The problem, then, is that understanding the origins of knowledge requires us to identify something inbetween knowledge and its absence, something that is like knowledge in some respects but falls short of it in others. This is an instance of Davidson's challenge ...

Uncomplicated Account of Minds and Actions

For any given proposition [There’s a spider behind the book] and any given human [Wy] ...

1. Either Wy believes that there’s a spider behind the book, or she does not.

2. Either Wy can act for the reason that there is, or seems to be, a spider behind the book (where this is her reason for acting), or else she cannot.

3. The first alternatives of (1) and (2) are either both true or both false.

\subsection{Uncomplicated Account of Minds and Actions} For any given proposition [There’s a spider behind the book] and any given human [Wy] ... \begin{enumerate} \item Either Wy believes that there’s a spider behind the book, or she does not. \item Either Wy can act for the reason that there is, or seems to be, a spider behind the book, or else she cannot. \item The first alternatives of (1) and (2) are either both true or both false. \end{enumerate}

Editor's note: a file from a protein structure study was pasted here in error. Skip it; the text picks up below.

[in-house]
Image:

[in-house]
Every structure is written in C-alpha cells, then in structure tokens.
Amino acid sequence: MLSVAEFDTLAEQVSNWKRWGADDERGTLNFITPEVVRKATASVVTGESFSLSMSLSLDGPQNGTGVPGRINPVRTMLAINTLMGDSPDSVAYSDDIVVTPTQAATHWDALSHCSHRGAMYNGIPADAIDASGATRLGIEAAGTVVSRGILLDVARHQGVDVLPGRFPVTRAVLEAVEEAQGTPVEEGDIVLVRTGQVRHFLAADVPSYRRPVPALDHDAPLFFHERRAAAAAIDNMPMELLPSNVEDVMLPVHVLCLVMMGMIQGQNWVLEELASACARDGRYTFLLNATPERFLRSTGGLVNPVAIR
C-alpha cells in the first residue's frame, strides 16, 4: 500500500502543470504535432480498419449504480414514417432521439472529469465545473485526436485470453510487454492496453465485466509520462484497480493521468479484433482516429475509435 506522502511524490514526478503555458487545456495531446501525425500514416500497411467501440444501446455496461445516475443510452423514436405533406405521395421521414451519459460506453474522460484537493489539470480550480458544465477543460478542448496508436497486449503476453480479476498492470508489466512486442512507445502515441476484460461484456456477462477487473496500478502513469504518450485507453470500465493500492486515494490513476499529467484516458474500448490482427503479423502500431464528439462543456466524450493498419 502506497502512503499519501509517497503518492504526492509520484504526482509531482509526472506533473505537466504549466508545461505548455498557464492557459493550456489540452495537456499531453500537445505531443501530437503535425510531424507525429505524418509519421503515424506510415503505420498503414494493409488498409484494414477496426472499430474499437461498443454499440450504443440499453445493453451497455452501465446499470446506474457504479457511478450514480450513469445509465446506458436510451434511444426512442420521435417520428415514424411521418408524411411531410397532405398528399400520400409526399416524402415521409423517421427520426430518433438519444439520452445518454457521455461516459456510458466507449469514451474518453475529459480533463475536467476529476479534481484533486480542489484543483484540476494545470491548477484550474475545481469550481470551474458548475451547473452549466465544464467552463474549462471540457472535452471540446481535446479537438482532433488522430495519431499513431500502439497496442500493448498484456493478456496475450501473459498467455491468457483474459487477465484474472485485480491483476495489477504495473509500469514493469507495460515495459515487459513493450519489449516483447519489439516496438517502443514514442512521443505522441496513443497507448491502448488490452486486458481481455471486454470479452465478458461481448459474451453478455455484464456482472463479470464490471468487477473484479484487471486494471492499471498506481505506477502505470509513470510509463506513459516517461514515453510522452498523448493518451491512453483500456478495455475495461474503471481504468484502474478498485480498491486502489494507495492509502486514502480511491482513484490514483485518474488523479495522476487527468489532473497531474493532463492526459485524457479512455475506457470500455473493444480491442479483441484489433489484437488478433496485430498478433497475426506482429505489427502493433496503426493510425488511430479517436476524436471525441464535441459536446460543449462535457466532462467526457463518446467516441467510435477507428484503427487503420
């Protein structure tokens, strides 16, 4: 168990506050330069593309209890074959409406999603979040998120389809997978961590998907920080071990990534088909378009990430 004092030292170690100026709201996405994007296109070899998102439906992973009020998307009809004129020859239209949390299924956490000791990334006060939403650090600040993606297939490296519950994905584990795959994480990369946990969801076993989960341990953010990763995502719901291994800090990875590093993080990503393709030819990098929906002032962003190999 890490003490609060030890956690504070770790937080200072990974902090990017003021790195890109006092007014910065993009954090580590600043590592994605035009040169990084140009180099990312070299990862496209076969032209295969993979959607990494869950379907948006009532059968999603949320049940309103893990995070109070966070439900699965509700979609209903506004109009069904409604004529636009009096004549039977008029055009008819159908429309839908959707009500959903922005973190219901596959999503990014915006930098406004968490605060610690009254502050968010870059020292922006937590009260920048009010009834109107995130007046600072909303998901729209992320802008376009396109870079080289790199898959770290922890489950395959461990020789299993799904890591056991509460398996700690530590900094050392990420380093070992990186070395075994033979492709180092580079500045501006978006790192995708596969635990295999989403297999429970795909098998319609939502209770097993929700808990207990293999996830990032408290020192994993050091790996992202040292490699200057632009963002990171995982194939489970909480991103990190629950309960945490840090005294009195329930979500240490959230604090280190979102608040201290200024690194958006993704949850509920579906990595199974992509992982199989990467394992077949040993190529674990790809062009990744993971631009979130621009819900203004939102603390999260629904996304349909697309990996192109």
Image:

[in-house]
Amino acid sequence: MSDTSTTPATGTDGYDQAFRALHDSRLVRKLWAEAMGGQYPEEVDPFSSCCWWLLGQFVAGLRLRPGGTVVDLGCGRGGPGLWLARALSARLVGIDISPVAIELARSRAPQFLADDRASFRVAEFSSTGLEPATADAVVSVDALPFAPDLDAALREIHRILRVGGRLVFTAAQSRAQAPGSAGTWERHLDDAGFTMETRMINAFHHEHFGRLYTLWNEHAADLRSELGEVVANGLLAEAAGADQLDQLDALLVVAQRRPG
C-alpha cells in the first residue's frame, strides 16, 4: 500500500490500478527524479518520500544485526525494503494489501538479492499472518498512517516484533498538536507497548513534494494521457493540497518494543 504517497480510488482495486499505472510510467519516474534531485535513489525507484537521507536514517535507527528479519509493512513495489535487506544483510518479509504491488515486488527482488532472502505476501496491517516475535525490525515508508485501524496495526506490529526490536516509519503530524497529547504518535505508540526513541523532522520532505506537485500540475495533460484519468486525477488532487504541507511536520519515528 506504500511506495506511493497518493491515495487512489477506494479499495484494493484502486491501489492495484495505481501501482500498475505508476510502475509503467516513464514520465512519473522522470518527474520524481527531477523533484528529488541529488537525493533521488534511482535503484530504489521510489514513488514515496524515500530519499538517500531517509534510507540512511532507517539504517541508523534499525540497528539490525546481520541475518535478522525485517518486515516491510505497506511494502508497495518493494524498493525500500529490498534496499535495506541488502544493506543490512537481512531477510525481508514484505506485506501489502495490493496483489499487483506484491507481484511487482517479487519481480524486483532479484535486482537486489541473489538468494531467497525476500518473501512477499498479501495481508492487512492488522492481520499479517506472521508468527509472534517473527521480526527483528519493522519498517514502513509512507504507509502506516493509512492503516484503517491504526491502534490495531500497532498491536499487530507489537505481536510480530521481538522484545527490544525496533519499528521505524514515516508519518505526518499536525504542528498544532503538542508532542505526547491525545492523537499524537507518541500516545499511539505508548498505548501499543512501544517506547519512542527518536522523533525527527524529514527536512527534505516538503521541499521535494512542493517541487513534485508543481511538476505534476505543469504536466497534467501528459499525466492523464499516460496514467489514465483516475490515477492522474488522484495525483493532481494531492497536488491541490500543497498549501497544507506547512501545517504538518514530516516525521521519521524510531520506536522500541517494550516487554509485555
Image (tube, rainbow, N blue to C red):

Think of the spider as the object behind Baillargeon’s drawbridge and behind Shinskey and Munakata’s screens.
Can Wy (the infant) act for the reason that there is an object behind the drawbridge?
Yes: she looks longer when the drawbridge rotates 180 degrees for the reason that there is an object behind it.
No: if she could act for the reason that there is an object behind behind Shinskey and Munakata’s screens, then she would search for that object.
So Wy is awkward. She can do some things for the reason that there is an object behind a screen (e.g. look longer), but she cannot do other things for this reason. This is not allowed for by the Uncomplicated Account of Minds and Actions.
This suggests that we can’t say that Wy belives that there is an object behind the screen. Yes, puzzlingly, she can perform some actions for the reason that there is an object behind the screen. So she is not entirely neutral on whether there is an object behind the screen.